Male sexual characteristics in Crustacea are induced by androgenic gland hormone (AGH), which is produced by the male-specific androgenic gland. Recently, AGH in the terrestrial isopod Armadillidium vulgare was characterized and its cDNA cloned, the first example in which the structure of AGH was elucidated. We report here the molecular cloning of cDNAs encoding AGH precursors from two additional terrestrial isopods, Porcellio scaber and P. dilatatus. cDNA fragments encoding Porcellio scaber AGH (Pos-AGH) and P. dilatatus AGH (Pod-AGH) were amplified by RT-PCR using degenerate oligonucleotide primers designed based on the amino acid sequence of A. vulgare AGH (Arv-AGH). Subsequently, full length cDNAs were obtained by 5′- and 3′-RACE. Both AGH precursors consisted of a signal peptide, B chain, C peptide and A chain, and exhibited the same organization as that of Arv-AGH. The amino acid sequences of the A and B chains, which comprise mature AGH peptide, were highly conserved among the three species, while that of the C peptide showed only low sequence similarity. In Northern blot analysis, each cDNA fragment used as a probe specifically hybridized with a single band (0.75 kb) in mRNA extracted from whole male reproductive organs. In analysis of the tissue-specific gene expression of these two AGHs by RT-PCR, it was revealed that both AGH transcripts were detected only in cDNA synthesized using total RNA from the testis carrying the androgenic glands, but not in that from testis only, seminal vesicle, vas deferens, or hepatopancreas.
The androgenic gland (AG) which is responsible for the development of male characteristics in crustaceans was first discovered by Charniaux-Cotton (1954) in the amphipod Orchestia gammarella. Since then, its role has been investigated using biological methods such as the implantation of AGs and the injection of AG extract. In the terrestrial isopod Armadillidium vulgare, the implantation of AGs and the injection of AG extract into juvenile females induced the gonadal masculinization of juveniles (reviewed by Katakura, 1984). Similarly, AG implantation into young females in the giant freshwater prawn Macrobrachium rosenbergii transformed these genetic females to phenotypic reproductive males (Nagamine et al., 1980). These phenomena were considered to be due to the effects of an androgenic gland hormone (AGH) produced by the AGs.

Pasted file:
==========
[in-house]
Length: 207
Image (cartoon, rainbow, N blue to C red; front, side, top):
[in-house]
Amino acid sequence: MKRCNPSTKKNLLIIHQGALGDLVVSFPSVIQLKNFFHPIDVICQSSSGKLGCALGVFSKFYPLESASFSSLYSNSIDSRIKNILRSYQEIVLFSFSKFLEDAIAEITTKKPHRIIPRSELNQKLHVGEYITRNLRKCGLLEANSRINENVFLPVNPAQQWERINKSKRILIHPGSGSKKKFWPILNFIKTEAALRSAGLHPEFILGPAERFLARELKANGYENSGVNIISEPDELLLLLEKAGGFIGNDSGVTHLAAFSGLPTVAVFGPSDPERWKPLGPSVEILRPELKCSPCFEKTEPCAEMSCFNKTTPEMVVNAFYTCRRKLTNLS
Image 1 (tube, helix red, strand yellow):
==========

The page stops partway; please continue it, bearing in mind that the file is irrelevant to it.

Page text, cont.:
Biochemical studies on AGH have been performed mainly in A. vulgare because of the difficulty in establishing quantitative methods for measuring AGH activity in other species (reviewed by Katakura, 1984) and the narrow species-specificity of AGH activity (Martin and Juchault, 1999). AGH in A. vulgare (Arv-AGH) was of peptidic nature and was purified by several groups (Hasegawa et al., 1987; Martin et al., 1990; Nagasawa et al., 1995; Okuno et al., 1997). Recently, Arv-AGH was isolated from normal AGs and its cDNA cloned (Okuno et al., 1999), while the complete amino acid sequence of a precursor of Arv-AGH (pro-Arv-AGH) was determined using AGs from A. vulgare which hypertrophied due to symbiosis by Wolbachia (Martin et al., 1999). The pro-Arv-AGH estimated by both groups consists of 123 amino acid residues and has eight cysteine residues and one potential N-glycosylation site. The overall structural organization of pro-Arv-AGH consisting of B chain, C peptide (connecting peptide), and A chain each linked by dibasic amino acid residues, Lys-Arg, is similar to that of proinsulin, although there is no similarity in terms of amino acid sequence or peptide chain length. The mature Arv-AGH resulting from post-translational processing by removal of the C peptide is a heterodimer consisting of A and B chains interlinked by disulfide bonds (Martin et al., 1999; Okuno et al., 2002).